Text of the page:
Pity the poor life insurance industry. Not only is the North American market for its product shrinking fast, but ultra-low interest rates are eating away at the investment returns that it depends upon for the income to keep itself afloat.
In light of this new reality, one major U.S. life insurer is partnering with a well-known retail giant to peddle a new product that is a marvel of simplicity: the prepaid life insurance policy.
Insurance meets the prepaid financial product sector
MetLife (NYSE:MET) has launched a new pre-packaged life insurance product in conjunction with big-box behemoth Walmart (NYSE:WMT) in order to market its policies to the retailer's customer base. Not only does the new sales program expand the insurer's reach, but it reduces costs associated with marketing life insurance through brokers. The policies offer one year of coverage, with a value cap of $25,000.
While this concept is fairly new, MetLife is not the first insurer to sell insurance policies through a major retailer. Canadian insurer Manulife (NYSE:MFC) currently offers term life insurance to Canadian citizens through U.S.-based Costco (NASDAQ:COST), which, like Walmart, offers an array of financial products to its customers -- including mortgages.
Like all life insurers, MetLife has had a rough road to travel for the past few years. The company, as well as fellow insurance providers such as Prudential, Sun Life Financial, and Manulife have all cut back on products sold in the U.S. and Canada. Indeed, Moody's just recently trimmed its outlook for the U.S.life insurance industry from stable to negative, citing the low interest rate environment as the prime reason for the sector's continuing downward earnings spiral.
MetLife has had a particularly hard time of it, as its banking arm put the insurer squarely in regulators' sights. The company has been stymied in its desire to increase dividends and buy back stock because of capital requirements imposed by the government.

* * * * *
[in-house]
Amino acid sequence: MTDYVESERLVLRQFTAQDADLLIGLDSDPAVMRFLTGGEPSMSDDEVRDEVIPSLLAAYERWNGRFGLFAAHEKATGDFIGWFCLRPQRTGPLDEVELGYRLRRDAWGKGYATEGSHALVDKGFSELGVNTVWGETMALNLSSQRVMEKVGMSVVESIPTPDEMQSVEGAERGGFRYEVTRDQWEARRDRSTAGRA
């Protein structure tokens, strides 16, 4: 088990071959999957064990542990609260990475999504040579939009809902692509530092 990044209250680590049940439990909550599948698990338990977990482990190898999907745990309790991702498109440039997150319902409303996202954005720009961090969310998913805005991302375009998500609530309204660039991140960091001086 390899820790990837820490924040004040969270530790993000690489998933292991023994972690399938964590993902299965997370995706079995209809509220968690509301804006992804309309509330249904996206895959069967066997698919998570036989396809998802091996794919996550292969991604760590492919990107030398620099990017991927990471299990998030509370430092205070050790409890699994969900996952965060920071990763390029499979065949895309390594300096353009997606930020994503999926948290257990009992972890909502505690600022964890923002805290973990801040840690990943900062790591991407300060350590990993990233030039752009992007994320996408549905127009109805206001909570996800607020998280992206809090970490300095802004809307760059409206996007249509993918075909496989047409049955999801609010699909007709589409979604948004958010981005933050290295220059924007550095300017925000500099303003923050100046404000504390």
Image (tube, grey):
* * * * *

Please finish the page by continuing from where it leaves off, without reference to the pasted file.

Its efforts to sell its banking section to General Electric (NYSE:GE) to avoid such scrutiny has been an ongoing problem, as regulators from the Federal Deposit Insurance Corporation have continually postponed a decision on the matter. More recently, the terms of the sale were changed to name GE Capital Retail Bank as the recipient of MetLife's deposits, rather than GE Capital Bank, an adjustment that will negate the need for the FDIC's involvement.
One Fool's take
Despite its myriad problems, MetLife is taking the initiative to bolster its bottom line. Although the deal with Walmart has just begun, targeting the less wealthy with tailored financial products has been lucrative, as the prepaid debit card industry has shown. Offering its product through Walmart, with its heavy foot traffic, should expand MetLife's customer base quickly, and by a wide margin.
As the venerable insurer sheds its banking branch and concentrates on rebuilding its core insurance business, creative marketing ideas like this one should help the company weather the current economic doldrums with a healthier balance sheet -- as well as a heftier dividend for its long-suffering investors.